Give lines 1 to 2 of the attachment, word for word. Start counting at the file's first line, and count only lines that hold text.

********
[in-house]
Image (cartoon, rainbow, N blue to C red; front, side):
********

[in-house]
Image (cartoon, rainbow, N blue to C red; front, side):